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Federal Appeals Court Reinstates Prisoner’s Lawsuit Against Guards for Beating at Infamous Jena Prison

Federal Appeals Court Reinstates Prisoner’s Lawsuit Against Guards for Beating at Infamous Jena Prison

A federal district court was wrong to throw out a lawsuit by a Louisiana man who was severely beaten by guards at the notorious, now-defunct Jena Correctional Facility and the victim is entitled to his day in court, a federal appeals court ruled.
The suit, Dillon v. Rogers, charges that former Jena Warden T.W. Thompson and six guards “deliberately and maliciously assaulted and battered” Keith Dillon, subjected him to inhumane conditions, and failed to provide adequate medical care for the injuries their beatings caused, including deafness in one ear, shooting pain in one shoulder and bicep, back and knee pain, frequent headaches, blurred vision and broken teeth.
A federal district court in Louisiana had dismissed Mr. Dillon’s suit for failing to complete an administrative grievance process before filing his lawsuit. As a result, the court never addressed the substance of Mr. Dillon’s beating allegations.
Mr. Dillon argued that there was no administrative grievance process available to him at Jena or the facility to which he had been transferred shortly after being beaten. He also argued that the district court improperly dismissed his suit before allowing him to collect and submit evidence showing that there were no “available” administrative remedies to pursue before filing suit.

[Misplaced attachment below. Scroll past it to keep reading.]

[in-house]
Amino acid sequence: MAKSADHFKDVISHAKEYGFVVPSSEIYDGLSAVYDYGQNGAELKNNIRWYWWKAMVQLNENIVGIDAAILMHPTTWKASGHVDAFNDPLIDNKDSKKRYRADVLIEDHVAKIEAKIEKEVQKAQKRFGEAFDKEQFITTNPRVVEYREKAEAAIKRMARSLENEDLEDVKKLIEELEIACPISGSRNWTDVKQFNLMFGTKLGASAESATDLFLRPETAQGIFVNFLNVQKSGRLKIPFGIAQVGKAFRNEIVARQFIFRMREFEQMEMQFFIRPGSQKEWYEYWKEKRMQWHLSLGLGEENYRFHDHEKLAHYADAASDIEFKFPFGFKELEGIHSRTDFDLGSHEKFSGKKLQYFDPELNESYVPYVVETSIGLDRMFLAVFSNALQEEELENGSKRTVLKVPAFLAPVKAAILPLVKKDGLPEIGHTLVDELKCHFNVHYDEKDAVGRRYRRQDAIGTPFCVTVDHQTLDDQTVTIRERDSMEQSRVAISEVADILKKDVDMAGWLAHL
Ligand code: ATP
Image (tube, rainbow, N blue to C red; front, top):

The federal appeals court ruled that the district court had improperly dismissed Mr. Dillon’s lawsuit and should have permitted him the opportunity collect and present evidence concerning the availability of administrative remedies.
“The appeals court’s ruling represents an important victory for access to justice and prisoners’ rights,” said Public Justice Managing Attorney Adele Kimmel, who argued Mr. Dillon’s appeal. “Mr. Dillon was brutally beaten at Jena prison and filed a lawsuit in the hopes of getting justice. His case was thrown out because he didn’t file an administrative claim first, even though no administrative process was available to him. The appeals court held this was wrong. The court’s ruling brings us one step closer to obtaining justice and holding the guards accountable.”
The U.S. Department of Justice had shut down the Jena prison in 2000 after uncovering chronic abuses there, but reopened the facility in August 2005 to house prisoners from New Orleans-area jails in the wake of Hurricane Katrina’s devastation. At the time of his transfer to Jena, Dillon was being held in the Jefferson Parish jail on a DUI charge.
Jena was shut down again about six weeks after Katrina, at the behest of human rights organizations and state legislators, amid allegations of widespread abuse of prisoners charging that they had been slapped, punched, beaten, stripped naked, hit with belts, and kicked by Jena guards.
Along with Kimmel, Soren Gisleson of Herman, Herman, Katz & Cotlar in New Orleans is co-counsel for Mr. Dillon. Public Justice Goldberg Attorney Amy Radon co-wrote the appellate brief.